When Peter Schmeichel announced he was to leave Manchester United after the 1999 Champions League final, no United fan could have imagined it would take six years to find a replacement up to the task of taking the number one spot at Old Trafford. United were the most successful team on the planet, and had just completed the famous treble, every goalkeeper in the world should have been an option for Alex Ferguson.
Raimond Van Der Gouw was never really seen as United No.1, but an able No.2, but it was a strange choice to see Australian Mark Bosnich return to Old Trafford to become the new man between the sticks. Not that Bosnich did anything wrong, he picked up a few injuries, and when Van Der Gouw also picked up a knock, in came Massimo Taibi.
Looking back, what was surreal is that Taibi was always a very consistent performer in Italy, he made 177 appearances for Piacenza before making a move to AC Milan. When United came calling he was more than happy to make the move, and it looked as if Fergie had made a stellar signing when he picked up man of the match on his debut at Anfield after a couple of great saves.
But it all went wrong for Taibi against Southampton when an infamous goal from Matt Le Tissier was due to Taibi allowing the ball to trickle slowly through his legs. Things got worse, as United capitulated to a 5-0 defeat at the hands of Chelsea, and the media made Taibi the scapegoat.
United brought home the title, but with Bosnich clearly struggling with injuries, Sir Alex signed up Frenchman Fabien Barthez, another man with a proven track record. Barthez had won the Champions League, two domestic titles, as well as the World Cup and European Championships, it seemed as if United had finally found their man. He was sensational in his first season, the fans fell in love with eccentricity and he made some wonderful saves, including a well-loved penalty save at Elland Road. The only down point was in the FA Cup and included Paolo Di Canio, we all know what happened!
But in 2001 things went sour for Fabien, several mistakes against Deportivo cost United victory, before two errors in a crunch match against Arsenal finally got the media talking. He came back fighting though and is well remembered for a stunning save from Dietmar Hamann at the start of the 02/03 season, before playing his last game for United against Real Madrid, where he was criticized for his performance.
Over the next few years, Roy Carroll, Tim Howard & Ricardo all gave the No.1 spot a go, Carroll was erratic, Howard superb before going off the boil, and Ricardo never got going, barring a debut penalty save. Finally, United brought in Van Der Sar in 2005 and he kept the goal safe until 2011, when he announced his retirement. Van Der Sar was hard to criticise, making mistakes rarely during his six years at Old Trafford, but the media ever more willing to jump on the big teams, it was going to be big news when a replacement was signed.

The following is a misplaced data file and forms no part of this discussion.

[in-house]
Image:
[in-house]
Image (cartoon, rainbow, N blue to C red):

I’m sure Fergie would have loved to replace him from within, Tomasz Kuszczak showed blemishes of good goalkeeping in his early days at Old Trafford, but never seemed confident, and Ben Foster looked the real deal on his debut against Derby. But the media pressure seemed to have an adverse effect on Foster at the start of the 2009 season, when Van Der Sar was out injured, a high-profile error in the Manchester derby, followed by another error against Sunderland saw Foster sold at the end of the season.
So it came to be that David De Gea was the man to take over from Edwin in the long-run, Anders Lindegaard was signed six months previous, but De Gea was the No.1. The media would have loved nothing more than the £18m man to make a howler on his debut against City, and they made the most of it by criticizing the Spaniard for both City goals, despite neither being massive errors. They were rubbing their hands when another error came on the opening day of the Premier League season, and despite making fine saves in games to game against Arsenal, Bolton, Stoke, Basel & Liverpool to name a few, the media once more jumped on De Gea after United Champion’s League exit, and after the 6-1 drubbing off City at Old Trafford.
Maybe it was the price that made De Gea such a target, Lindegaard had come in for peanuts compared to the Spain U21 goalie, and despite a couple of erratic performances from the Dane against City in the cup, and Newcastle in the league, the media seemed less interested in jumping on Lindegaard’s back.
So, are the media having an effect on United’s goalies, can the young ones such handle the pressure of being United’s No.1, Howard’s gone to Everton and been a solid buy, whilst Foster has provided some world class saves for both Birmingham and West Brom. It wouldn’t surprise me to see Kuszczak go and flourish elsewhere away from the spotlight. I personally think De Gea’s a good goalkeeper and can be world class for United, he’s shown glimpses of it, but goalkeeper’s at United, and other top clubs are going to have accept the media will batter them whatever they do.
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